Ceasing or reducing to acceptable levels emissions of fluorocarbons and other halocarbons used as aerosol propellants, blowing agents in foam production, solvents and refrigerants, nitrous oxide emissions from both organic and inorganic nitrogen fertilizers, aircraft exhaust emissions and other. Collectively known sources of ozone depleting substances (ODS): the principal ones being chlorofluorocarbons (CFCs), other halons (compounds of chlorine, bromine and fluorine), carbon tetrachloride, methyl chloroform and nitrous oxide.
Stratospheric ozone in the so called ozone layer plays a vital ecological role by filtering out most biologically harmful ultraviolet radiation (UV-B). Since the discovery of an ozone hole over Antarctica in 1985, ozone depletion has been recorded over other parts of the world, including a reduction by more than 14% between 1969/70 and 1993 over continental parts of the northern middle latitudes. Resulting biological damage that has been linked to or established as a result of ozone depletion include skin infections and skin cancer, eye damage, reduced vitality of the immune system in animals including humans, adversely affected cultivated plants and forested plant species (typically resulting in reduced biomass), as well as damaging aquatic ecosystems, particularly single-celled algae and plankton, which are at the start of the aquatic food chain. Furthermore, it has been estimated that a one percent decrease in stratospheric ozone increases UV-B radiation at Earth's surface by two percent, whilst only a one percent reduction in total ozone produces a two to four percent increase in biological effects, and a one percent decrease in the ozone layer could result in a four to six percent increase in certain kinds of skin cancer. Changes in the ozone layer can also change the climate and the circulation of the atmosphere. Ozone depletion and increasing aerosol concentrations in the lower stratosphere and troposphere have a cooling effect, which may be partially offsetting and masking the full extent of the greenhouse effect.
This strategy features in the framework of Agenda 21 as formulated at UNCED (Rio de Janeiro, 1992), now coordinated by the United Nations Commission on Sustainable Development and implemented through national and local authorities.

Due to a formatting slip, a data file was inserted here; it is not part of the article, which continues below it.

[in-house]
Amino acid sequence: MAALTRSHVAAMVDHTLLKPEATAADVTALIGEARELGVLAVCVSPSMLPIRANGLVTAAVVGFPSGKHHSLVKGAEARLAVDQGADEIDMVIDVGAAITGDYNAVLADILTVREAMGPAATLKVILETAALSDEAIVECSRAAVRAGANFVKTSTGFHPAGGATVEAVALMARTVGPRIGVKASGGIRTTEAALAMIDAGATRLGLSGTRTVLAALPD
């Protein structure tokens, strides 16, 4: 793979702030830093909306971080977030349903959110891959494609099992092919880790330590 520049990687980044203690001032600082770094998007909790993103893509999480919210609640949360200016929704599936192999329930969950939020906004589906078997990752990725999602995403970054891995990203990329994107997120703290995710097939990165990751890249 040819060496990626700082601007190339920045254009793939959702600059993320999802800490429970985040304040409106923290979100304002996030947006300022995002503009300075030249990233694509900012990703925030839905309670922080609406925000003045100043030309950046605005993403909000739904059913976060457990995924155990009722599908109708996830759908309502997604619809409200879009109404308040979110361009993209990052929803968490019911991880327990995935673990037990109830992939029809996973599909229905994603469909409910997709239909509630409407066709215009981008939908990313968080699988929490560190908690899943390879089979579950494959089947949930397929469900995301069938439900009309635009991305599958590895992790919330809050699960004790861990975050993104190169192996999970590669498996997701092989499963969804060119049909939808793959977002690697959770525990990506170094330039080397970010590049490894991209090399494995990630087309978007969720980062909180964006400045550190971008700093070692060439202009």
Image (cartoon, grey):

In 1977, the USA Congress banned CFCs in aerosols.
During the 1980s progressively more ambitious agreements were reached, culminating in 1990 with a binding agreement to phase out the consumption of CFCs and related chemicals in industrial countries by 2000. The Montreal Protocol on Substances that Deplete the Ozone Layer was signed in 1987. The protocol aims to control consumption and hence emissions of CFCs and related substances that deplete ozone, and called for a 50% reduction in CFC production in the 24 signature countries by 1997. Since then, the protocol has been revised twice following increasing evidence that the ozone layer was thinning more rapidly than previously thought and that less damaging processes could be developed more quickly and less expensively. In 1990, the treaty's signatories met again under the London Amendment to adopt a deadline for phasing out the most damaging chemicals by 2000. The Interim Multilateral Fund, involving UNEP, UNDP and the World Bank, was established to help developing countries meet the cost of complying with the Montreal Protocol and provide the necessary transfer of technology. In 1992, under the Copenhagen Amendment, the signatories (now 87 nations) agreed to the transition of the Fund from its interim to permanent status, and speeding up of the phase-out deadlines as follows: 1994 for halons, CFCs for 1996, and hydrochlorofluorocarbons for 2030. It was further agreed to limit methyl bromide 1995 production to 1991 levels. As of January 1993, there were over 100 parties to the Protocol. As of 28 November 1994, there are 148 parties to the Protocol, 100 parties to the London Amendment, and 37 parties to the Copenhagen Amendment. However, many countries have not signed the Protocol. The Montreal Protocol is often viewed as an example of what can be achieved through international cooperation.